Share the Light – Methodist Family Health

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Photography by Sarah Oden

Fellow Arkansans – neighbors, colleagues and friends – are sharing a light of peace, kindness and generosity that makes The Natural State a little brighter. Inviting Arkansas and Methodist Family Health celebrate individuals who illuminate our community with goodness. Nominate someone today for a future feature that SHINES.

   Upon arriving at Methodist Family Health’s Behavioral Hospital in Maumelle, Peggy Henderson escorted the Inviting Arkansas team to a lush garden. The spacious outdoor area, adorned with handcrafted items created by patients, featured a bountiful fruit and vegetable garden that is part of the recreational therapy program. As director of nursing, Peggy explains the benefits of this space for her patients. “Not only is gardening good for your physical health, gardening has been found as a positive way to release stress and anxiety while teaching confidence and pride. When kids come out to the fresh air and get their hands in the soil, they quite literally become grounded. They are then able to identify and process their emotions while self-soothing in healthy way.” Unique therapy programming and experienced staff like Peggy comprise the comprehensive continuum of care offered by Methodist Family Health.

   However, Peggy’s job responsibilities range beyond the scope of nursing. A team member since its inception, she has not only served as director of nursing for nearly two decades, but as a confidant and friend to everyone at the hospital. Staff will attest Peggy knows everyone on campus – patient or employee. “You can’t say that for many facilities. You’re not invisible here; you matter,” Peggy emphasizes. The 60-bed hospital specializes in the treatment of children and adolescents from three to 17 years old who are in need of specialized psychiatric, behavioral and emotional care. From acute to sub-acute patient programs, the hospital provides the most intensive and compassionate level of care.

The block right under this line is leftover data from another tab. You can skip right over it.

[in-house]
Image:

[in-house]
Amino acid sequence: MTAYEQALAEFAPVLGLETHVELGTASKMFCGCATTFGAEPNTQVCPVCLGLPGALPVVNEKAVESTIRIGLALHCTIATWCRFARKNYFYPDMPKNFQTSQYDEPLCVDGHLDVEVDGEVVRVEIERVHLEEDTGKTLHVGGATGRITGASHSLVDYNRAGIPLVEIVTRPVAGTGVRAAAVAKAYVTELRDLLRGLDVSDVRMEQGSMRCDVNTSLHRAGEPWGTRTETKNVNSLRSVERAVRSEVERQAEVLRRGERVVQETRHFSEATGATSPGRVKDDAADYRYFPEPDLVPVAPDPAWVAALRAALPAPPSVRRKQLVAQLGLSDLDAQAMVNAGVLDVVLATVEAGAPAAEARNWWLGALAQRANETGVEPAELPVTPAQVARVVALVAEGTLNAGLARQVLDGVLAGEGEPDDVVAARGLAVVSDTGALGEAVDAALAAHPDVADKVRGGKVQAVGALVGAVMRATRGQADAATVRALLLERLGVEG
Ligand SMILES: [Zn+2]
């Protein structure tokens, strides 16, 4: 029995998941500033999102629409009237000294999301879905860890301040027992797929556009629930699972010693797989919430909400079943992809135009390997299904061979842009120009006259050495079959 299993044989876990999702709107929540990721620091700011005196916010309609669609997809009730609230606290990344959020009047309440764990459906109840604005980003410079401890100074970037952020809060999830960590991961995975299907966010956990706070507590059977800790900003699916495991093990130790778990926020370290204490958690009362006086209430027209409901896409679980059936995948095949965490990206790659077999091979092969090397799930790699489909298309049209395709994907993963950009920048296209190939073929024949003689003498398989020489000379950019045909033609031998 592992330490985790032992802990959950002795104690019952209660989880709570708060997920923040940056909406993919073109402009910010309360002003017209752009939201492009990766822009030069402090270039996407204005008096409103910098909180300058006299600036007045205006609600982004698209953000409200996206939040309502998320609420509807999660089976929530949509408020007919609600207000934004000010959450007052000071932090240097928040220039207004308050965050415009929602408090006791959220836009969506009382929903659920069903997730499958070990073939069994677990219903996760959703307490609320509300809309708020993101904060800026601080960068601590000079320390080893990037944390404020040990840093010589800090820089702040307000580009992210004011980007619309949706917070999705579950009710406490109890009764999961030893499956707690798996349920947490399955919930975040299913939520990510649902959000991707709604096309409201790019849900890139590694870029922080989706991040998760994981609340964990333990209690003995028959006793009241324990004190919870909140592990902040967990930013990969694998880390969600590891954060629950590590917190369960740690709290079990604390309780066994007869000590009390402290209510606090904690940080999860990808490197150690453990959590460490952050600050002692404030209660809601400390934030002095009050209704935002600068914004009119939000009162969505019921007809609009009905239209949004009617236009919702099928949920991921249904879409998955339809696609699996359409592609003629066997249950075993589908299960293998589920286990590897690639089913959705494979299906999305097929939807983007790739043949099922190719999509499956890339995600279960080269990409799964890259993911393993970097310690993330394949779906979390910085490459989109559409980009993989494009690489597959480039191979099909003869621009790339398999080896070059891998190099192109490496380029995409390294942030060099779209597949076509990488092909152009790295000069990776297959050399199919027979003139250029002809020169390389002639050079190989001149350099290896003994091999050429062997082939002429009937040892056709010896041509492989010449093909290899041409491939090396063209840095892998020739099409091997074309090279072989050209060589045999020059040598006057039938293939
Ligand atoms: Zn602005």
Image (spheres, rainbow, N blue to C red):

Kelli Reep, director of communications for Methodist Family Health, says of Peggy, “I watched as a young boy, who was maybe 11 or 12 years old, got discharged from his acute stay at our hospital. Before he left, he asked to see Peggy one more time. I know that to be more the norm than the exception, and for a child to feel the love and value from an adult in only a few days speaks to the impact Peggy has. She is the embodiment of our mission: to provide the best possible care to those who may need our help.”

   “I like to think we provide services for future success,” Peggy explains. She has utilized this mission in her own life. In fact, while she was putting herself through nursing school, she was also raising her children as a single parent – committed and driven to improve the situation. “I would work an overnight shift on a Friday. Then, work overtime and come back for a Saturday shift. It was hard work, but I was striving to better myself and family,” she explains. Today, Peggy is still available for second shifts and weekends when the hospital doesn’t have enough nurses to care for patients. She is undeniably a stabilizing force for Methodist Behavioral Hospital.

   Methodist Behavioral Hospital is staffed by board-certified child and adolescent psychiatrists; skilled nurses; recreational, art and pet therapists; a registered dietician, behavioral instructors, social workers and physicians. However, there is always a need for other individuals like Peggy. Reflecting on her 40 years in nursing, 20 of which she has spent at Methodist Behavioral Hospital, Peggy reminds herself, patients and community, “Whatever your situation in life is, it doesn’t mean that is where you’re going to stay.”

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Sponsored by Methodist Family Health
Nominations accepted at [email protected]
methodistfamily.org | #ShareTheLightandSHINE

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